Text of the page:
Amrita Sher-Gil became a legend in her life-time., not only because of her exuberant lifestyle, but also because of her outstanding painting talents. She had remarkable control over the medium, of painting and allowed her brush to glide on the canvas with a languorous sensuousness. The movement of her brush was steeped in melancholy, reflecting her own angst buried deep in her persona. Nevertheless, she often endowed her subjects with glowing warmth, largely as a result of the vivid palette. She painted the ordinary people of Indian villages. By painting women engaged in their quotidian activities in the intimate environment of the women’s quarters, she created a genre in Indian painting. From themed-30s onwards, Sher-Gil’s palette and figuration changed dramatically. She was deeply inspired by the Mughal and Pahari miniatures, just as the Ajanta and other murals, excited her imagination.
Amrita Sher-Gil was gorn at Budapest in 1913 of an Indian father Umrao Singh Sher-Gil, a Sikh belonging to landholding gentry and Marie Antoinette, a Hungarian mother. From 1929, she studied art in Paris at the grand Chaumiere and then at the Ecole des Beaux Arts. In 1934, she returned to India and it turned out to be a momentous homecoming. The country and its people made a strong impact on her. At the same time, she discovered with a sense of wonder and joy, the ancient and medieval artistic traditions of India. In 1936, she travelled widely through India.But even before that, she commented on the colours that she experienced in Indian, not the rich voluptuous colours of the travel posters, but the luminous yellow-grey land in the winter light and the "dark-bodied, sad-faced, incredibly thin men and women…." The relocation to India changed her style of expression totally. From the European naturalism seen in her paintings done in the 1920s, she evolved the eloquent stylization in her figuration and corporation and shifted to a vibrant palette of reds, greens, rich browns. Her tragic and untimely death in 1941 cut short a genius that was yet to teach its full potential.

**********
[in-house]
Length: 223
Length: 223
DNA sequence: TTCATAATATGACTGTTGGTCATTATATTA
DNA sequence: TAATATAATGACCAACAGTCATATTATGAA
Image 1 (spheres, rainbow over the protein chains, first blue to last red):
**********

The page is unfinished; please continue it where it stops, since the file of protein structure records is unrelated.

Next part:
Yashodhara Dalmia is an art historian and an independent curator based in New Delhi. Her book Amrita Sher-Gil – A Life [Penguin Viking, 2008], which is a comprehensive account of the life of one of India’s first modern artists, received widespread international acclaim. Widely acknowledged, her book The Making of Modern Indian Art, the Progressives [Oxford University Press, 2001], is regarded as the definitive account of a seminal phase of Indian art history. She is also the editor and the co-author along with Salima Hashmi of Memory, Metaphor, Mutations: Contemporary Art of India and Pakistan [Oxford University Press, 2007], a path-breaking comparative study of the modern art movement in the two countries. Her book Journeys: Four Generations of Indian Artists published by the Oxford University Press was released in January 2011.